just a momentary lack of judgment by installing some software packages
without doing the research.. And all of a sudden your screen starts filling
up with advertisements or your Internet seems much slower or your home page
won't stay what you set it and goes someplace unfamiliar to you. This is
spyware. There are a whole SLEW of software packages out there to get rid
of this crud and help prevent reinfection. Some of the products already
mentioned might even have branched out into this arena. However, there are
a few applications that seem to be the best at what they do, which is
eradicating and immunizing your system from this crap. Strangely, the best
products I have found in this category ARE generally free. That is a trend
I like. I make donations to some of them, they deserve it!

Two side-notes: Never think one of these can do the whole job.
Try the first 5 before coming back and saying "That did not work!"
Also, you can always visit:
For more updated information.

Spybot Search and Destroy (Free!)

Lavasoft AdAware (Free and up)

CWShredder (Free!)
** No longer updated as of July 29, 2004 - however, still a great
product and should still be ran **

Hijack This! (Free)
( Tutorial: )

SpywareBlaster (Free!)

IE-SPYAD (Free!)

ToolbarCop (Free!)

Bazooka Adware and Spyware Scanner (Free!)

Browser Security Tests

Popup Tester

The Cleaner (49.95 and up)

That will clean up your machine of the spyware, given that you download and
install several of them, update them regularly and scan with them when you
update. Some (like SpywareBlaster and SpyBot Search and Destroy and
have/are immunization utilities that will help you prevent your PC from
infected. Use these features!

Unfortunately, although that will lessen your popups on the Internet/while
you are online, it won't eliminate them. I have looked at a lot of options,
seen a lot of them used in production with people who seem to attract popups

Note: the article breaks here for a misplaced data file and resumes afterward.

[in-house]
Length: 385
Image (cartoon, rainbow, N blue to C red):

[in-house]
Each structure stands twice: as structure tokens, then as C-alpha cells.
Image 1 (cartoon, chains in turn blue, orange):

like a plague, and I only have one suggestion that end up serving double
duty (search engine and popup stopper in one):

The Google Toolbar (Free!)

Yeah - it adds a bar to your Internet Explorer - but its a useful one. You
can search from there anytime with one of the best search engines on the
planet (IMO.) And the fact it stops most popups - wow - BONUS! If you
don't like that suggestion, then I am just going to say you go to and search for other options. Please notice that Windows XP
SP2 does help stop popups as well. Another option is to use an alternative
Web browser. I suggest "Mozilla Firefox", as it has some great features
and is very easy to use:

Mozilla Firefox

One more suggestion, although I will suggest this in a way later, is to
disable your Windows Messenger service. This service is not used frequently
(if at all) by the normal home user and in cooperation with a good firewall,
is generally unnecessary. Microsoft has instructions on how to do this for
Windows XP he


This one can get annoying, just like the rest. You get 50 emails in one
sitting and 2 of them you wanted. NICE! (Not.) What can you do? Well,
although there are services out there to help you, some email
servers/services that actually do lower your spam with features built into
their servers - I still like the methods that let you be the end-decision
maker on what is spam and what isn't. If these things worked perfectly, we
wouldn't need people and then there would be no spam anyway - vicious
circle, eh? Anyway - I have two products to suggest to you, look at them
and see if either of them suite your needs. Again, if they don't, Google is
free and available for your perusal.

SpamBayes (Free!)

Spamihilator (Free!)

As I said, those are not your only options, but are reliable ones I have